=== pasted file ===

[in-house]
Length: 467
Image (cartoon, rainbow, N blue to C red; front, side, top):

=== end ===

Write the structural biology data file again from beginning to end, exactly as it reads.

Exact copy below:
[in-house]
Length: 467
Image (cartoon, rainbow, N blue to C red; front, side, top):